Who Is Linda Fairstein? The 'Central Park Five' Prosecutor in Netflix Series 'When They See Us'

Ava Duvernay's new Netflix series When They See Us has received critical acclaim since premiering on the streaming platform on May 31. The four-part miniseries is based on the infamous Central Park jogger case where five black teenagers were wrongfully convicted of the rape and assault of 28-year-old Trisha Meili in New York City's Central Park in 1989.

And one particular figure being discussed online is Linda Fairstein, one of the prosecutors of the case who was reportedly instrumental in gaining false confessions from the five under duress.

Played by Felicity Huffman in the series, Assistant District Attorney Fairstein was then head of the sex crimes unit in the Manhattan D.A.'s office when she took on the case against the five young boys: Antron McCray, Kevin Richardson, Yusef Salaam, Raymond Santana and Korey Wise.

She oversaw the interrogation of the group dubbed "The Central Park Five" and was reportedly personally involved in securing the confessions that formed the prosecution's entire case. It was these coerced confessions that saw the five convicted and ending up serving between six and 13 years in prison before they were later exonerated when the DNA of serial rapist Matias Reyes matched the attack and he confessed to the crime.

Linda Fairstein When They See Us
Linda Fairstein attends Safe Horizon's 2014 Champion Awards at Pier Sixty at Chelsea Piers on April 30, 2014 in New York City. Getty/Noam Galai

In 2003 the five sued New York City for malicious prosecution, racial discrimination, and emotional distress, with the case being settled for $41 million in 2014.

Despite this, Linda Fairstein has refused to apologize for her actions and still maintains that the five men are guilty, telling the New Yorker in 2002 that the confessions took place in "a much more friendly atmosphere, not the bare interrogation rooms," and that despite the five's convictions being vacated, "I think [Matias] Reyes ran with that pack of kids." Writing for the New York Law Journal last year, she maintained that "the questioning [of the Central Park Five] was respectful, dignified, carried out according to the letter of the law and with sensitivity to the young age of the men."

After leaving the D.A.'s office in 2002, Fairstein embarked on a new career as a crime novelist, writing a number of books featuring fictional Manhattan prosecutor Alexandra Cooper based on her time in the legal profession.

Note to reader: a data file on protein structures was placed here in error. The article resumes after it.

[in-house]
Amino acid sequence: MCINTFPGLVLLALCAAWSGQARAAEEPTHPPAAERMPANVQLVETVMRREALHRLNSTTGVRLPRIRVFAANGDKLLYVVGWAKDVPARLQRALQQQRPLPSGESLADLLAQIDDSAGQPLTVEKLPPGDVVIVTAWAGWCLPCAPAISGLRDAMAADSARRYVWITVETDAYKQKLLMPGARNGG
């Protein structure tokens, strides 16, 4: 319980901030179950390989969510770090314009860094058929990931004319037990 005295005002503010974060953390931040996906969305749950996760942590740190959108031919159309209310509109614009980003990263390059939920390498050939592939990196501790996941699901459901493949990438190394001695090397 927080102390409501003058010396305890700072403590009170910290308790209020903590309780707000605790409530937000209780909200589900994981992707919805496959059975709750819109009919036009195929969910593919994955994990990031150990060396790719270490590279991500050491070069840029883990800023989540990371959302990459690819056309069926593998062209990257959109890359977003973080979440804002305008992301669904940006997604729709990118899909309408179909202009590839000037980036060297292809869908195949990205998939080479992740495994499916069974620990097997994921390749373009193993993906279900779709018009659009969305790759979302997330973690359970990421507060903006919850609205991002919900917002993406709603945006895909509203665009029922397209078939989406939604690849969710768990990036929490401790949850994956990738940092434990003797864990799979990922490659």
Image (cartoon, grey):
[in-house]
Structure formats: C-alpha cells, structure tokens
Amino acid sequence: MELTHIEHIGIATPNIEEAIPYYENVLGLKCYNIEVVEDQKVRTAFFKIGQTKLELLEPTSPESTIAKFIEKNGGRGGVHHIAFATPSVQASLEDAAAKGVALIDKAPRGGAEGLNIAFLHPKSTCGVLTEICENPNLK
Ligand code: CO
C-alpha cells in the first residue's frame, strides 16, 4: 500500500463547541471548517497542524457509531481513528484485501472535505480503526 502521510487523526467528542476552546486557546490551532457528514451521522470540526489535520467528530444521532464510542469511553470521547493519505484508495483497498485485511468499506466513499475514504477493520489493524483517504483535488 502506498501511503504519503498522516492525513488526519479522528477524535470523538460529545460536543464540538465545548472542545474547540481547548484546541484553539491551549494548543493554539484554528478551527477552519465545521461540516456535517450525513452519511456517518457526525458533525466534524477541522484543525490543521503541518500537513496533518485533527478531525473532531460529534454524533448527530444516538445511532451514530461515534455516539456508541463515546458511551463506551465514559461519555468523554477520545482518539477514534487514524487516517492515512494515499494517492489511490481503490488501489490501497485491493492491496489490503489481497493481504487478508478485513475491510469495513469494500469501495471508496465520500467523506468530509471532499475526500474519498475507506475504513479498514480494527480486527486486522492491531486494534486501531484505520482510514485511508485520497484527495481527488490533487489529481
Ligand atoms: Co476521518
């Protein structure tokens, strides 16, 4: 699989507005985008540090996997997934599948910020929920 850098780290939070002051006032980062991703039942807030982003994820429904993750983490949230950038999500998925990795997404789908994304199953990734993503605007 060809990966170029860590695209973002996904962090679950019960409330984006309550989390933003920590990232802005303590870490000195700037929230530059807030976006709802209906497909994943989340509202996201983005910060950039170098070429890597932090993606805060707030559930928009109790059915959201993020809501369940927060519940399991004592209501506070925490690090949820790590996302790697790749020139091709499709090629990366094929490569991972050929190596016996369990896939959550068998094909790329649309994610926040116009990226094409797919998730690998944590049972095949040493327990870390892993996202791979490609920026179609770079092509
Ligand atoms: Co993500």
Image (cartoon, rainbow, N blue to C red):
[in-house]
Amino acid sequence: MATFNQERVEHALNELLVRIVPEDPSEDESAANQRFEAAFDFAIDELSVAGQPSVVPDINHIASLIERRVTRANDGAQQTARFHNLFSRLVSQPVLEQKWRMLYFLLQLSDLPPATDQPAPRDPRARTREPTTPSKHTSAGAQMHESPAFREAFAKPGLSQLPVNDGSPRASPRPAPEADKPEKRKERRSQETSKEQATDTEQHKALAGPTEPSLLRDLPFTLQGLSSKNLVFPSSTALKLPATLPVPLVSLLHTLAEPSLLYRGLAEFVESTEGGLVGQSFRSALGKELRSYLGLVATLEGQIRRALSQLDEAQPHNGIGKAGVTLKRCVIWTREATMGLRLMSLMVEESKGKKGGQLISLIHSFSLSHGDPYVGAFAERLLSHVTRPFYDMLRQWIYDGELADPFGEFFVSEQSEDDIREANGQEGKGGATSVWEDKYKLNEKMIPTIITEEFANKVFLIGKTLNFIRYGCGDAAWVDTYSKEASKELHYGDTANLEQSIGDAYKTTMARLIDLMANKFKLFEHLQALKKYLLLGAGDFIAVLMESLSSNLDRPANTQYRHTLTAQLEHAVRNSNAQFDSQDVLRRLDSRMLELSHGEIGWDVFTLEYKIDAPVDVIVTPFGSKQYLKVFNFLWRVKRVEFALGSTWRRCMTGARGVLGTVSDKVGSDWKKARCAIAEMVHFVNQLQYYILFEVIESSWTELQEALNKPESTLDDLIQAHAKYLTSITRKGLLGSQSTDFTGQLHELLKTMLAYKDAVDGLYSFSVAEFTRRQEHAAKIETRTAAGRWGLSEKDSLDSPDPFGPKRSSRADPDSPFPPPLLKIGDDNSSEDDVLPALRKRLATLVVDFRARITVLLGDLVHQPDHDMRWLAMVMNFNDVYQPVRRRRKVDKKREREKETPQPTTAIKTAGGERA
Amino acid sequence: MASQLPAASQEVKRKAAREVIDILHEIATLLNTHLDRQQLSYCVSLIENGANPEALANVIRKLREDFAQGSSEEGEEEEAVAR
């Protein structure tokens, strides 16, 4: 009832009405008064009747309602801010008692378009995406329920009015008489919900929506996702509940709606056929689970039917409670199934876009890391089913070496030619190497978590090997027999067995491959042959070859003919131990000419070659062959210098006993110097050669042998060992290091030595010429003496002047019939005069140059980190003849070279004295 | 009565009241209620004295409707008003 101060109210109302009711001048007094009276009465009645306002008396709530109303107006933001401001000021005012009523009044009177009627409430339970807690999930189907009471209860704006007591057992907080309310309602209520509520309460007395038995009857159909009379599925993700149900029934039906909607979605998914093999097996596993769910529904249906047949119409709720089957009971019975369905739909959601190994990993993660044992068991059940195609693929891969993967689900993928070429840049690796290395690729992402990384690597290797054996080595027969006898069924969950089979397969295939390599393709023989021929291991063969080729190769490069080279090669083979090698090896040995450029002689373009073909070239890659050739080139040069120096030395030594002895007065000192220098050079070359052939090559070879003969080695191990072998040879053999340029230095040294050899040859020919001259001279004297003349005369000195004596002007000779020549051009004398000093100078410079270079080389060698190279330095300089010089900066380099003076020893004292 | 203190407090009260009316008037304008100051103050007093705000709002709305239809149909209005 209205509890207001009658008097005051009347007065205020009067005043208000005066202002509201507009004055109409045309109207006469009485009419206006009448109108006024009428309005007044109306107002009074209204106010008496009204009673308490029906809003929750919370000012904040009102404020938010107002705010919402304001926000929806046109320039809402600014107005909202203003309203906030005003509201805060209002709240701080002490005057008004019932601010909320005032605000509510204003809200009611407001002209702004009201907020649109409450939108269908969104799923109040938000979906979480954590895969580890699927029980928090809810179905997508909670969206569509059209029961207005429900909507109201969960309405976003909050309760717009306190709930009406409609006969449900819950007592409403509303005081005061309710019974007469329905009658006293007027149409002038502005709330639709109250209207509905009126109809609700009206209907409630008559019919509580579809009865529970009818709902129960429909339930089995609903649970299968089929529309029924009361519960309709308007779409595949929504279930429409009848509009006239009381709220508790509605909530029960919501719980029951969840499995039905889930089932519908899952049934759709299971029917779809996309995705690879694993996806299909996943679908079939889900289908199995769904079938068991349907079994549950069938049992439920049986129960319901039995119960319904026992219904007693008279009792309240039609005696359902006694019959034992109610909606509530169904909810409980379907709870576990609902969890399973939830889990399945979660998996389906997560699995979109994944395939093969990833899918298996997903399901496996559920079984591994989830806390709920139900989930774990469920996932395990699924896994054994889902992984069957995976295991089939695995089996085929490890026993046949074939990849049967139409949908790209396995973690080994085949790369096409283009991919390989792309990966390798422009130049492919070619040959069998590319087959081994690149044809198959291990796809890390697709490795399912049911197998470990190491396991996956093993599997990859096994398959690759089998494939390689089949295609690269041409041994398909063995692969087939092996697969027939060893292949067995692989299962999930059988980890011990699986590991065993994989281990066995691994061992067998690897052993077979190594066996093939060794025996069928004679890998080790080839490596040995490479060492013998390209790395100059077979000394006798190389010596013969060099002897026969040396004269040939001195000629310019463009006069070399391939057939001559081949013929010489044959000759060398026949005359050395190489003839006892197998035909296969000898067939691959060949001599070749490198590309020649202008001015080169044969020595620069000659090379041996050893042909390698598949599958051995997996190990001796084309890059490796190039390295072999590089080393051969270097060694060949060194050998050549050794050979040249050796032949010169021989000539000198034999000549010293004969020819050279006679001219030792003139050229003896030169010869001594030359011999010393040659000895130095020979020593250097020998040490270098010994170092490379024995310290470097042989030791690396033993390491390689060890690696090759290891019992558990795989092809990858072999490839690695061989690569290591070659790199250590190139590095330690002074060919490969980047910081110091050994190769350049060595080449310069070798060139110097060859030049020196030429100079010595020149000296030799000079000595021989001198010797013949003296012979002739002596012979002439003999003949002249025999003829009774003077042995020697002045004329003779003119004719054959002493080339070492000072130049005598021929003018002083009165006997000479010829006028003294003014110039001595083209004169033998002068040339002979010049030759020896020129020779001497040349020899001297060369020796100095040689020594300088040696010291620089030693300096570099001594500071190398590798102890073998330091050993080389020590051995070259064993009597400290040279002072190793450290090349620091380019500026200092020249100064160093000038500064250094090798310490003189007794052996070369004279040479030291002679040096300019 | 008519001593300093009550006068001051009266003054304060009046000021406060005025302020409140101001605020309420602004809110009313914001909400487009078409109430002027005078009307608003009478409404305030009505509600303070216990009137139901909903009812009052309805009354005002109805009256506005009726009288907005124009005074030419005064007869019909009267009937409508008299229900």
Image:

In 2018, the Mystery Writers of America planned to honor Fairstein with a Grand Master Award, a prestigious prize previously given to novelists such as Stephen King, Walter Mosley and Agatha Christie. But after a furious backlash online the Mystery Writers of America decided to withdraw her award.

Now, in the wake of the new Netflix series, a number of people online are calling on retailers and publishers to stop selling Fairstein's books, using the hashtag #cancellindafairstein.

One Instagram user posted, "Linda Fairstein went on to become a successful author after she coerced and convicted 5 innocent boys of a crime they did not commit. These boys sat in prison and lost their youth inside of a broken system! Call your local book stores and ask to remove this woman's books off the shelves!"

One Twitter user wrote: "Amazon, Barnes & Noble, Books-A-Million and any small business bookstore— PLEASE, PLEASE, PLEASE boycott Linda Fairstein. A soulless and vicious human being like her shouldn't reap benefits from the pain she inflicts on others" while another post stated, "I really can't think of anything more evil than a prosecutor gleefully writing their own fan fiction, while feeding black men like logs into the fire that is the U.S. prison system."

I really can’t think of anything more evil than a prosecutor gleefully writing their own fan fiction, while feeding black men like logs into the fire that is the U.S. prison system.

I really should break my own rules and @ her.

But, I’m going to keep my energy clean. pic.twitter.com/kQsjZlKXJL

— kyle a.b. (@kyalbr) May 31, 2019

The boycott has attracted the support of one of the five men wrongfully convicted, with Raymond Santana telling TMZ, "Even if it's 30 years later, she has to pay for her crime."